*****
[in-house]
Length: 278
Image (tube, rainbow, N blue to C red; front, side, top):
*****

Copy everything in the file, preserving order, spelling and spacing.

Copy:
[in-house]
Length: 278
Image (tube, rainbow, N blue to C red; front, side, top):